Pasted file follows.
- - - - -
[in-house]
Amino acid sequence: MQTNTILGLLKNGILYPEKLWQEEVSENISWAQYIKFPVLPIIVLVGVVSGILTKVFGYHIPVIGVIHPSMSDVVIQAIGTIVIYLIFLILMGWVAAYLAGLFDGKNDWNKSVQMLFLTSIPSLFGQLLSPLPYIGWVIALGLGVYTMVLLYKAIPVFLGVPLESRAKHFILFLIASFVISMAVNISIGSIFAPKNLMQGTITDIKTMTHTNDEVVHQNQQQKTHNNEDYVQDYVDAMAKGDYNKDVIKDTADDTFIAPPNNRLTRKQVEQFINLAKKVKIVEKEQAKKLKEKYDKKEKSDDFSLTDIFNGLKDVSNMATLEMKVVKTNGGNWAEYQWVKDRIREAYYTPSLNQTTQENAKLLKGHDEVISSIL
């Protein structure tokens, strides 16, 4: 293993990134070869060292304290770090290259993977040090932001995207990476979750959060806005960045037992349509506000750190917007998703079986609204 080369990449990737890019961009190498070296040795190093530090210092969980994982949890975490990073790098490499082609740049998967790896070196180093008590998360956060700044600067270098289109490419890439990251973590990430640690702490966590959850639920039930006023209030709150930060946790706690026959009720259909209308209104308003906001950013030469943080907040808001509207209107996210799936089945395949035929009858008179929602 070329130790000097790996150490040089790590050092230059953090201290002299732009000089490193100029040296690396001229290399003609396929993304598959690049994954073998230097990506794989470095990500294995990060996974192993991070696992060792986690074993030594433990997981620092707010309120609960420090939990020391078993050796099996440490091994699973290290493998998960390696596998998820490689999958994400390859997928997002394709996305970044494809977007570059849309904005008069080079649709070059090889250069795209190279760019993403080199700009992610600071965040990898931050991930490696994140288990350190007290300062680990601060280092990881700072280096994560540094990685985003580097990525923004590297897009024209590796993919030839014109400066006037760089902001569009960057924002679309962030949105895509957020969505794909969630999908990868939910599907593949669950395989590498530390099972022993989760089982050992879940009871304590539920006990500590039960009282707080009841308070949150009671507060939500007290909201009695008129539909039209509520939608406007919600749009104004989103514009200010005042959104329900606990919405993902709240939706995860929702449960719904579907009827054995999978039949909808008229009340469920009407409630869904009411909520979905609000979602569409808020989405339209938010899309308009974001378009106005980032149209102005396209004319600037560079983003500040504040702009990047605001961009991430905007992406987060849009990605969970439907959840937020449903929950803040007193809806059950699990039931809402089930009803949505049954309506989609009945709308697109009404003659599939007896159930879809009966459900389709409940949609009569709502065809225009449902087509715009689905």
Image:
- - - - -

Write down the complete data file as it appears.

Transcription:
[in-house]
Amino acid sequence: MQTNTILGLLKNGILYPEKLWQEEVSENISWAQYIKFPVLPIIVLVGVVSGILTKVFGYHIPVIGVIHPSMSDVVIQAIGTIVIYLIFLILMGWVAAYLAGLFDGKNDWNKSVQMLFLTSIPSLFGQLLSPLPYIGWVIALGLGVYTMVLLYKAIPVFLGVPLESRAKHFILFLIASFVISMAVNISIGSIFAPKNLMQGTITDIKTMTHTNDEVVHQNQQQKTHNNEDYVQDYVDAMAKGDYNKDVIKDTADDTFIAPPNNRLTRKQVEQFINLAKKVKIVEKEQAKKLKEKYDKKEKSDDFSLTDIFNGLKDVSNMATLEMKVVKTNGGNWAEYQWVKDRIREAYYTPSLNQTTQENAKLLKGHDEVISSIL
């Protein structure tokens, strides 16, 4: 293993990134070869060292304290770090290259993977040090932001995207990476979750959060806005960045037992349509506000750190917007998703079986609204 080369990449990737890019961009190498070296040795190093530090210092969980994982949890975490990073790098490499082609740049998967790896070196180093008590998360956060700044600067270098289109490419890439990251973590990430640690702490966590959850639920039930006023209030709150930060946790706690026959009720259909209308209104308003906001950013030469943080907040808001509207209107996210799936089945395949035929009858008179929602 070329130790000097790996150490040089790590050092230059953090201290002299732009000089490193100029040296690396001229290399003609396929993304598959690049994954073998230097990506794989470095990500294995990060996974192993991070696992060792986690074993030594433990997981620092707010309120609960420090939990020391078993050796099996440490091994699973290290493998998960390696596998998820490689999958994400390859997928997002394709996305970044494809977007570059849309904005008069080079649709070059090889250069795209190279760019993403080199700009992610600071965040990898931050991930490696994140288990350190007290300062680990601060280092990881700072280096994560540094990685985003580097990525923004590297897009024209590796993919030839014109400066006037760089902001569009960057924002679309962030949105895509957020969505794909969630999908990868939910599907593949669950395989590498530390099972022993989760089982050992879940009871304590539920006990500590039960009282707080009841308070949150009671507060939500007290909201009695008129539909039209509520939608406007919600749009104004989103514009200010005042959104329900606990919405993902709240939706995860929702449960719904579907009827054995999978039949909808008229009340469920009407409630869904009411909520979905609000979602569409808020989405339209938010899309308009974001378009106005980032149209102005396209004319600037560079983003500040504040702009990047605001961009991430905007992406987060849009990605969970439907959840937020449903929950803040007193809806059950699990039931809402089930009803949505049954309506989609009945709308697109009404003659599939007896159930879809009966459900389709409940949609009569709502065809225009449902087509715009689905």
Image: